Most large employers have employee handbooks, those set of policies that explain things like vacation and sick leave, discipline, etc. Employers will often describe how they are “binding” and must be followed. But, legally, they are not binding, at all. They look thorough and professional and provide some comfort to employees in an uncertain world.

They are generally not binding on the employer. They are nothing more than a guideline.  If the employer included a phrase providing they are not contractual, then they will not be binding. And, most, perhaps all employers do include non-binding type language in the handbook.

In Carey v. 24 Hour Fitness, USA, Inc., No. 10-20945, (5th Cir. 1/25/12),we have another caes regarding an arbitration clause in an employee handbook.  But, this time, the court of appeals found that the arbitration clause was not binding. The cause prohibited entering into any class actions based on the Fair Labor Standards act.  The employee, John Carey, however, did enter into an FLSA class action. 24 Hour Fitness sought to stay the class action and force arbitration.  The district court denied the stay and found the arbitration agreement to be illusory.  The Fifth Circuit sustained the lower court.

Under Texas contract law, an agreement which allows one party to unilaterally make changes to the agreement retroactively is considered illusory.  Such an agreement is not a genuine agreement.  In this case, the Fifth Circuit found that 24 Hour Fitness retained the right to amend the employee handbook, including the arbitration clause, at any time with no limit.  The court fiound the 24 Hour Fitness arbitration agreement different from that in other cases, in which the handbook was subject to change, but not if any complaint had already been lodged. 

The arbitration agreement in the 24 Hour Fitness case allowed the employer to "revise, delete, and add to" the employee handbook at any time.  There was no limit on its ability to do so.  the agreement, thus, applied to the employee but allowed the employer to slip out of it if it chose.  This failure to make the agreement truly binding rendered the agreement "illusory,: said the court.

24 Hour Fitness argued that it did not have an express ability to make changes retroactively.  But, noted the court, Texas law presumes retroactive application if the agreement is silent on the subject.  See the opinion here

The Fifth Circuit has overruled similar arguments made here by the plaintiff in other cases.  It seems that the law of arbitration agreements is still evolving.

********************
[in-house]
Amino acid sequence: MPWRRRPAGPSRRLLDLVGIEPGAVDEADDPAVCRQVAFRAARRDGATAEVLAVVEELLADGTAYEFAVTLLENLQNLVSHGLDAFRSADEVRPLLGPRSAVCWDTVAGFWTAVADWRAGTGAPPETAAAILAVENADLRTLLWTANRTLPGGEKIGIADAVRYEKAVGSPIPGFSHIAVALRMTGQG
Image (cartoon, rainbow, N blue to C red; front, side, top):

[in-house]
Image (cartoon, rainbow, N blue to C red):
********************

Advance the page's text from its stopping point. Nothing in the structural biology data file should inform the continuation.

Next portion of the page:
This decision also reflects the challenge of using employee handbooks.  Employee handbooks benefit employers because they prescribe procedures for counseling or terminating employees.  Such procedures make it far easier for employers to win claims for unemployment benefits.  But, employee handbooks can become contracts – meaning the failure to follow discipline procedures in the book may give rise to breach of contract claims by an employee.  The employer then responds with clauses providing that the employee handbook is not a contract and can be changed at any time.  So, how does the employer insert an arbitration clause without making the rest of the handbook a contract?  This decision suggests that the employer should at least make it clear that it can change the handbook, but such changes would not apply to any pending claims of discrimination or FLSA violations. 

But, in the end, it is hard to eat your cake and eat it too.  There are limits to how much we can squeeze into any one contract. 

In a recent decision, the US Sixth Circuit Court of Appeals found that an arbitration policy referenced in an employee handbook was not binding on the employee.  In Hergenreder v. Bickford Senior Living Group, LLC, No. 10-1474 (6th Cir. 6/8/2011), the employee was a nurse who suffered from cancer shortly after starting to work for Bickford.  She attempted to sue after she was terminated.  The employer claimed the arbitration policy applied and the federal district court agreed.  But, now the appellate court has reversed and has allowed Ms. Hergenreder’s case to proceed. See decision.  

The purported arbitration clause was contained in a dispute resolution clause.  In one brief sentence, the employee handbook said there was a dispute resolution clause and the employee should look at it sometime.  The employee handbook itself never mentioned arbitration.  The dispute resolution policy did indeed include an arbitration agreement.  The policy stated that agreement to the dispute resolution clause was a condition of employment.  But, found the Sixth Circuit, the employee nowhere acknowledged that she had been notified of the contents of the dispute resolution clause.  The employer could not show that the employee was aware of the policy or that she had agreed to it in any way. 

And, of course, like many employee handbooks, it contained language stating that the handbook was not contractual.  As Workplace Prof points out, many employers want the contractual benefits of a binding arbitration agreement.  The handbook appeals to employees because it provides a predictable, understandable framework for their employment relationship.  But, a binding employee handbook would present many problems for an employer.  So, they seek to avoid any contractual aspects.  See Workplace Prof blog.  It is hard to have your cake and eat it too….

Arbitration clauses are everywhere, from employee handbooks to automobile purchases to purchases of electronics.  Now, we even find arbitration clauses posted on the front door of a Whataburger.   See post.   The "American Mediation Association" mentioned in the post is actually a Dallas law firm.  

As Workplace Prof mentions, one day we will surely see arbitration clauses on grocery store receipts…..